Chief Minister Arvind Kejriwal visited the ITBP’s Radha Soami COVID care facility in Delhi’s Chhatarpur on Monday and thanked the Union government for providing doctors and medical staff at the centre which has 500 oxygen-supported beds.
He said 200 ICU beds will be arranged at the facility.
"Visited the Radha Soami facility this morning, 500 oxygen beds start today. More beds will be added in the next few days. We will also start 200 ICU beds here. Grateful to Babaji for helping us. Thank you Central government for providing doctors and medical staff of ITBP,” Kejriwal tweeted after the visit.
Frequently Asked Questions
A vaccine works by mimicking a natural infection. A vaccine not only induces immune response to protect people from any future COVID-19 infection, but also helps quickly build herd immunity to put an end to the pandemic. Herd immunity occurs when a sufficient percentage of a population becomes immune to a disease, making the spread of disease from person to person unlikely. The good news is that SARS-CoV-2 virus has been fairly stable, which increases the viability of a vaccine.
There are broadly four types of vaccine — one, a vaccine based on the whole virus (this could be either inactivated, or an attenuated [weakened] virus vaccine); two, a non-replicating viral vector vaccine that uses a benign virus as vector that carries the antigen of SARS-CoV; three, nucleic-acid vaccines that have genetic material like DNA and RNA of antigens like spike protein given to a person, helping human cells decode genetic material and produce the vaccine; and four, protein subunit vaccine wherein the recombinant proteins of SARS-COV-2 along with an adjuvant (booster) is given as a vaccine.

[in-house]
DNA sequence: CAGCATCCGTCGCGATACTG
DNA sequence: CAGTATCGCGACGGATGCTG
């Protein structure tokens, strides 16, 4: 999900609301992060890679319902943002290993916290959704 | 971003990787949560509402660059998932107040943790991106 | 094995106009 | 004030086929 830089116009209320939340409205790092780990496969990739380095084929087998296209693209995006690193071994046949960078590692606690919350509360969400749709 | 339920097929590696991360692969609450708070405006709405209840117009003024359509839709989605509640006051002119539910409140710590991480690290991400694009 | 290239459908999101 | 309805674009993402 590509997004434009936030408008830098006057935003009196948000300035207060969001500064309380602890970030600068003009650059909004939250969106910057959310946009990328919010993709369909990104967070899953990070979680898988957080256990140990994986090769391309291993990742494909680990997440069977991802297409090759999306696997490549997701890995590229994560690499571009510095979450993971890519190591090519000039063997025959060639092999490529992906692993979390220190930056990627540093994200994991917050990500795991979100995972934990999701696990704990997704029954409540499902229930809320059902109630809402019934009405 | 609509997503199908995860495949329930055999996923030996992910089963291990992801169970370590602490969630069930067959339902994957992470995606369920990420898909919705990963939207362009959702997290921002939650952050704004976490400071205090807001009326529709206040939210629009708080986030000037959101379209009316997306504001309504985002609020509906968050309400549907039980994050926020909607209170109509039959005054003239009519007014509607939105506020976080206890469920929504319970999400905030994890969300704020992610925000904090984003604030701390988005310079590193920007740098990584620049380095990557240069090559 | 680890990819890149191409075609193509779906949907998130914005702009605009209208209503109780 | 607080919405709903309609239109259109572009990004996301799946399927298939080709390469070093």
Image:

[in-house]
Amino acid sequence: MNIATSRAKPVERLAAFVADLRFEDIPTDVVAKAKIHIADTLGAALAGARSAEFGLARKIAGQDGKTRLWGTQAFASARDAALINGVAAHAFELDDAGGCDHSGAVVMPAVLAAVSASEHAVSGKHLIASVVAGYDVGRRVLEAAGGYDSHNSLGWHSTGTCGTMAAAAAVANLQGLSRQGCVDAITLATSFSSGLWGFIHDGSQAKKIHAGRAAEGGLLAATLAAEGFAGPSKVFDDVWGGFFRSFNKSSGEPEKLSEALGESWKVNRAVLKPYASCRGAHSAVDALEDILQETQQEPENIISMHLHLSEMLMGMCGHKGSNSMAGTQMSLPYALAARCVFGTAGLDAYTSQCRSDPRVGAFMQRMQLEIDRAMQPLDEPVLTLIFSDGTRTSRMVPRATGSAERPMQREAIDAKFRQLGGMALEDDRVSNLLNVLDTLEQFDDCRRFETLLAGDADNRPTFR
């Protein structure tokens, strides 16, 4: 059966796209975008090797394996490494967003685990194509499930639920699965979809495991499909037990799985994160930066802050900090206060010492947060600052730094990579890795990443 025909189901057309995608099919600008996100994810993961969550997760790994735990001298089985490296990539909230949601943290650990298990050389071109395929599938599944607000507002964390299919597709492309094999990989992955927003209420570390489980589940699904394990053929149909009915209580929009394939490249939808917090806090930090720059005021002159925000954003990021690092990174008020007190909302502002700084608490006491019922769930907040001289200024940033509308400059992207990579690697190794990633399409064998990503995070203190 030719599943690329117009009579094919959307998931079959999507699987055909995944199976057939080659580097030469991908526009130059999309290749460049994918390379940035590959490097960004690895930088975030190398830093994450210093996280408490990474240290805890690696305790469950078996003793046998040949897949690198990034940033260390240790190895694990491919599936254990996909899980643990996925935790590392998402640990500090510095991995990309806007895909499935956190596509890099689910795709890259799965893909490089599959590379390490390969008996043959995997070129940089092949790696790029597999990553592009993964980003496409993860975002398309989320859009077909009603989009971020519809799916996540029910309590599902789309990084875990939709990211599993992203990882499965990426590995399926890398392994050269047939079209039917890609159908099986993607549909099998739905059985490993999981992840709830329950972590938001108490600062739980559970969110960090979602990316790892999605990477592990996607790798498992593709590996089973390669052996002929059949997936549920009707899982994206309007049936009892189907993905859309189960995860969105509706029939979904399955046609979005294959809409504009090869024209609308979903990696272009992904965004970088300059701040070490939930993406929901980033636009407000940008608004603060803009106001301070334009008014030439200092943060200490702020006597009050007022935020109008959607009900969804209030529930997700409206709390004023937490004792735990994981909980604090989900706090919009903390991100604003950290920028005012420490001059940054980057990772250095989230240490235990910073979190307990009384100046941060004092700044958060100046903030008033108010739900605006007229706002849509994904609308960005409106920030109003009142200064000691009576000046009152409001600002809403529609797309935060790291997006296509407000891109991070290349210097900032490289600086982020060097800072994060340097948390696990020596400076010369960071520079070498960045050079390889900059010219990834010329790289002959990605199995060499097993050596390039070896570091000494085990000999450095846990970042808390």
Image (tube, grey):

Vaccine development is a long, complex process. Unlike drugs that are given to people with a diseased, vaccines are given to healthy people and also vulnerable sections such as children, pregnant women and the elderly. So rigorous tests are compulsory. History says that the fastest time it took to develop a vaccine is five years, but it usually takes double or sometimes triple that time.
The Sardar Vallabh Bhai Patel COVID Care Centre (SPCCC) at Radha Soami Satsang Beas in south Delhi is operated by the Indo-Tibetan Border Police (ITBP).
"SPCCC will provide treatment free of cost. No walk-in admissions will be made,” ITBP spokesperson Vivek Kumar Pandey had said, adding admission to the centre will be made on reference by the district surveillance officers (DSO).
A brief standard operating procedure (SOP) issued on Sunday said patients after getting a reference from a DSO will report at the reception of the SPCCC and after initial documentation, their physical examination will be done and subsequently, they will be admitted.
Delhi is facing an acute shortage of oxygen beds for serious COVID-19 patients and has almost run out of ICU facilities amid soaring infections.Follow our full coverage of the coronavirus pandemic here.